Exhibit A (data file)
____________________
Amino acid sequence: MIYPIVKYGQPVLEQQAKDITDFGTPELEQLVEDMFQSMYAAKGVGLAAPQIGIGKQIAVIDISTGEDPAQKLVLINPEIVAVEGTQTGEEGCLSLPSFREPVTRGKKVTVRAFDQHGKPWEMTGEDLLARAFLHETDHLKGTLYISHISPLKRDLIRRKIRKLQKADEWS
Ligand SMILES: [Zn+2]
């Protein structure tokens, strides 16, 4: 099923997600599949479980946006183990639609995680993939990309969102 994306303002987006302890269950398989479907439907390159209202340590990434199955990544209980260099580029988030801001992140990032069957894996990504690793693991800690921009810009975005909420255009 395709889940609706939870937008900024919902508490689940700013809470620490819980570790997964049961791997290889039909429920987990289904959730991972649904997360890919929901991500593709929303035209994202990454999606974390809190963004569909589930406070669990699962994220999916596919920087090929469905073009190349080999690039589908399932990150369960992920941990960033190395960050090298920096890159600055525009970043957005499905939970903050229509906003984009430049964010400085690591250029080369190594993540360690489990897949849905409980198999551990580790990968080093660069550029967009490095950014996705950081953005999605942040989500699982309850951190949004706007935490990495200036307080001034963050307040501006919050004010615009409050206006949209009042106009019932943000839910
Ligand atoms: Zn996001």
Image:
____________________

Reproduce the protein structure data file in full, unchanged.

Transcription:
Amino acid sequence: MIYPIVKYGQPVLEQQAKDITDFGTPELEQLVEDMFQSMYAAKGVGLAAPQIGIGKQIAVIDISTGEDPAQKLVLINPEIVAVEGTQTGEEGCLSLPSFREPVTRGKKVTVRAFDQHGKPWEMTGEDLLARAFLHETDHLKGTLYISHISPLKRDLIRRKIRKLQKADEWS
Ligand SMILES: [Zn+2]
């Protein structure tokens, strides 16, 4: 099923997600599949479980946006183990639609995680993939990309969102 994306303002987006302890269950398989479907439907390159209202340590990434199955990544209980260099580029988030801001992140990032069957894996990504690793693991800690921009810009975005909420255009 395709889940609706939870937008900024919902508490689940700013809470620490819980570790997964049961791997290889039909429920987990289904959730991972649904997360890919929901991500593709929303035209994202990454999606974390809190963004569909589930406070669990699962994220999916596919920087090929469905073009190349080999690039589908399932990150369960992920941990960033190395960050090298920096890159600055525009970043957005499905939970903050229509906003984009430049964010400085690591250029080369190594993540360690489990897949849905409980198999551990580790990968080093660069550029967009490095950014996705950081953005999605942040989500699982309850951190949004706007935490990495200036307080001034963050307040501006919050004010615009409050206006949209009042106009019932943000839910
Ligand atoms: Zn996001």
Image: